Achilles tendinitis, also known as
Achilles tendonitis, is inflammation of the Achilles tendon. The Achilles tendon connects your calf muscles to the back of your heel bone. It allows extension of your foot downward, away from your
body, which lets your heel lift off the ground as you move forward when walking. Every time you take a step you rely on your Achilles tendon.
Over-pronation, injury and overstresses of the tendon are some of the most common causes. Risk factors include tight heel cords, poor foot alignment, and recent changes in activities or shoes. During
a normal gait cycle, the upper and lower leg rotate in unison (i.e. internally during pronation and externally during supination). However, when a person over-pronates, the lower leg is locked into
the foot and therefore continues to rotate internally past the end of the contact phase while the femur begins to rotate externally at the beginning of midstance. The Gastrocnemius muscle is attached
to the upper leg and rotates externally while the Soleus muscle is attached to the lower leg and rotates internally during pronation. The resulting counter rotation of the upper and lower leg causes
a shearing force to occur in the Achilles tendon. This counter rotation twists the tendon at its weakest area, namely the Achilles tendon itself, and causes the inflammation. Since the tendon is
avascular, once inflammation sets in, it tends to be chronic.
Mild ache in the back of the lower leg, especially after running. More acute pain may occur after prolonged activity, Tenderness or stiffness in the morning. In most cases the pain associated with
Achilles tendinitis is more annoying than debilitating, making sufferers regret activity after the fact, but not keeping them from doing it. More severe pain around the Achilles tendon may be a
symptom of a much more serious ruptured tendon.
During the physical exam, your doctor will gently press on the affected area to determine the location of pain, tenderness or swelling. He or she will also evaluate the flexibility, alignment, range
of motion and reflexes of your foot and ankle. Your doctor may order one or more of the following tests to assess your condition, X-rays. While X-rays can't visualize soft tissues such as tendons,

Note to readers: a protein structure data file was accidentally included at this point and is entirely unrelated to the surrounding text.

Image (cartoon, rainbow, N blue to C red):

they may help rule out other conditions that can cause similar symptoms. Ultrasound. This device uses sound waves to visualize soft tissues like tendons. Ultrasound can also produce real-time images
of the Achilles tendon in motion. Magnetic resonance imaging (MRI). Using radio waves and a very strong magnet, MRI machines can produce very detailed images of the Achilles tendon.
See your doctor or sports physiotherapist for further advice. You may be prescribed anti-inflammatory medicine and a rehabilitation programme. Sometimes, the ankle may be put into a walking boot or
cast to immobilise the ankle in the short term. Gentle calf stretching is the first stage of rehabilitation. Don?t stretch to the point of pain. Strengthening the Achilles tendon is the second stage.
Your doctor or sports physiotherapist will be able to advise you on exercises for this. Special exercises called eccentric calf raises, that contract the calf muscle as it is lengthening (during the
lowering part of the movement), are the standard exercise used in the rehabilitation of Achilles tendon injuries. Sometimes a heel raise or orthotics may be useful. As symptoms resolve, resume normal
weight-bearing activities gradually. Avoid running until all tenderness has gone. Swimming or cycling in low gear are good replacement activities.
Surgery is considered the last resort. It is only recommended if all other treatment options have failed after at least six months. In this situation, badly damaged portions of the tendon may be
removed. If the tendon has ruptured, surgery is necessary to re-attach the tendon. Rehabilitation, including stretching and strength exercises, is started soon after the surgery. In most cases,
normal activities can be resumed after about 10 weeks. Return to competitive sport for some people may be delayed for about three to six months.
To lower your risk of Achilles tendonitis, stretch your calf muscles. Stretching at the beginning of each day will improve your agility and make you less prone to injury. You should also try to
stretch both before and after workouts. To stretch your Achilles, stand with a straight leg, and lean forward as you keep your heel on the ground. If this is painful, be sure to check with a doctor.
It is always a good idea to talk to your doctor before starting a new exercise routine. Whenever you begin a new fitness regimen, it is a good idea to set incremental goals. Gradually intensifying
your physical activity is less likely to cause injury. Limiting sudden movements that jolt the heels and calves also helps to reduce the risk of Achilles tendonitis. Try combining both high- and
low-impact exercises in your workouts to reduce stress on the tendon. For example, playing basketball can be combined with swimming. It doesn?t matter if you?re walking, running, or just hanging out.
To decrease pressure on your calves and Achilles tendon, it?s important to always wear the right shoes. That means choosing shoes with proper cushioning and arch support. If you?ve worn a pair of
shoes for a long time, consider replacing them or using arch supports. Some women feel pain in the Achilles tendon when switching from high heels to flats. Daily wearing of high heels can both
tighten and shorten the Achilles tendon. Wearing flats causes additional bending in the foot. This can be painful for the high-heel wearer who is not accustomed to the resulting flexion. One
effective strategy is to reduce the heel size of shoes gradually. This allows the tendon to slowly stretch and increase its range of motion.